U.S. grains: Soybeans drop to near six-year low on rains

Chicago | Reuters –– U.S. soybean futures fell to multi-year lows on Wednesday in a broad-based commodities selloff and as widespread rains in the U.S. Midwest were expected to boost yields.

Wheat hit lows for several contract months, pressured by sluggish demand and hefty global supplies, but ended above session lows.

Corn, however, notched modest gains in nearby contracts on reports of lower-than-expected yields in the eastern Midwest, although advances were limited by weak commodities markets overall.

Widespread selling in energy and metals markets dragged the 19-commodity Thomson Reuters/Core Commodity CRB Index down 1.5 per cent to its lowest point since December 2002. Copper also hit a six-year low on concerns over demand in China, while crude oil fell to the lowest in 6-1/2 years.

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“You have a global situation where commodities are not in favor. That includes the fund arena that is liquidating positions,” said Gordy Linn, president of the Linn Group.

“The rain has given people reason to sell beans, and they are,” he added.

Chicago Board of Trade November soybeans were down 10-3/4 cents, or one per cent, at $8.93-1/2 a bushel after earlier hitting a contract low of $8.90-3/4, the lowest point for the most actively traded soybean contract in nearly six years.

The January through September 2016 contracts also posted contract lows.

U.S. weather forecasts show widespread rain in the coming week, which should help soy crops in dry parts of the Midwest. August weather is critical for determining the size of the U.S. soybean crop.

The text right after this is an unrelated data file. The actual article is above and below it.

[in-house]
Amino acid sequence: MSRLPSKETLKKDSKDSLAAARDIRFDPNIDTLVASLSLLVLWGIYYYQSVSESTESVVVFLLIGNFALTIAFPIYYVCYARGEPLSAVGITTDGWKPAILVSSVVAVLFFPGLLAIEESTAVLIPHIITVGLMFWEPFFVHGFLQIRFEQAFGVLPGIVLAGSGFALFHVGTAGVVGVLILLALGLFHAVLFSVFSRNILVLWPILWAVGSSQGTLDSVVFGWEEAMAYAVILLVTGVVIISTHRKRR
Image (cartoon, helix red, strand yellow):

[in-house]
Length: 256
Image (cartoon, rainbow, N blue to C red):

December corn rose 1-1/4 cents, or 0.3 per cent, to a one-week high of $3.78-1/2 a bushel, buoyed by long corn/short soybean spreading and by field reports from an annual Midwest crop tour this week that suggest the U.S. Department of Agriculture’s yield forecast is too high.

“The data coming out of the Pro Farmer tour is suggesting that yields are not nearly as high in the eastern Corn Belt as the USDA said last week. That’s keeping some of the sellers on the sidelines,” said Mike Zuzolo, president of Global Commodity Analytics.

Crop scouts have found strong yield potential in South Dakota and Nebraska over the tour’s first two days, but well below-average yields in Ohio and Indiana.

CBOT September soft red winter wheat was up two cents, or 0.5 per cent, at $4.96-1/4 a bushel, while September hard red winter wheat was down 1-3/4 cents, or 0.5 per cent, at $4.74-1/4. Deferred contracts in both commodities hit contract lows.

Karl Plume reports on ag commodity markets for Reuters from Chicago. Additional reporting for Reuters by Nigel Hunt in London, Naveen Thukral in Singapore and Julie Ingwersen in Chicago.

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